Danny Jarosz gets ready for game days just like the rest of his teammates, but when they take the pitch, he goes up to the press box. Multiple concussions ended his playing days a year ago.
He couldn’t stay away from the program that made him a stout defender and a better teammate. Jarosz is now a student assistant, striving to be a future head coach in the game that has given him so much.
“I committed to them for four years, and they’ve also done that for me as well,” Jarosz said. “The coaching staff and medical staff have given back that commitment for sure. I felt that if they were going to go out of their way and go above and beyond to help somebody who’s in a tough situation, then I felt that I had to do the same.”
Jarosz is open to telling his teammates about his story. He fully acknowledge his career’s devastating end. Jarosz is still fighting his demons and going through final bouts of headaches and pain. But he’s not alone in his struggle.
“My faith has helped me get through a lot of it,” Jarosz said. “There is a bigger picture, and knowing that soccer isn’t everything. I’m on this earth to impact others and impact people and coaching is going to be the best way to do that.”
Head coach Louis Bennett said while Jarosz is able to break down the film and go through the X’s and O’s of soccer, his ability to maintain relationships with players is what makes him an effective coach.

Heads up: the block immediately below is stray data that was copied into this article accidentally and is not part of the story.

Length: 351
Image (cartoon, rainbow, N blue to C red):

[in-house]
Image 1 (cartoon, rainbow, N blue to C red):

“It’s a strange profession, coaching,” Bennett said. “People love you when you win and hate you when you lose, and he’ll develop a thick skin if he hasn’t already.”
Jarosz still goes through emotions many Division I soccer players go through, but there’s one key difference now: he’s no longer in control.
“When you are playing, you feel so in control. Now, from the other side, when you’re outside the white lines, not everything is in your control.”
When the coaches discuss tactics and possible areas of improvement, Jarosz is right there with them.
This can be awkward as a student.
“Its been tricky when you are with the other coaches,” Jarosz said. “I prefer to stay out of some meetings and remain almost neutral because then you got to go home, and you’re roommates with the guy you were just kind of talking about.”
One relationship that hasn’t changed much is the connection to Bennett.
“Coach B is coach B,” Jarosz said. “Every move he makes is a lot of thought, and he has taken me through his thought process as well at times … he puts in 110 percent.”
Bennett looks at Jarosz like a son. After all, he’s known Jarosz since he was eight years old.
“Danny has always been a cerebral player who thought about the game,” Bennett said. “He was dealt a couple of really tough blows, where if those kinds of issues don’t turn you off of something, it means you’re in love with it.”
Along with honoring the four seniors on the roster this year, Louis Bennett and his staff had a special surprise for Jarosz: They informed him during the previous day’s practice he would be honored as well. In a year full of ups and downs, Saturday night came full circle for Danny Jarosz, saying that he is finally “at peace with his decision.”
“I was certainly a little surprised and didn’t expect to be able to go out with those guys who are still playing,” Jarosz said. “It really didn’t hit me until I was walking onto the field again. I heard my name for the last time, and I think that shaking their hands is something that I’ll remember for a long time.”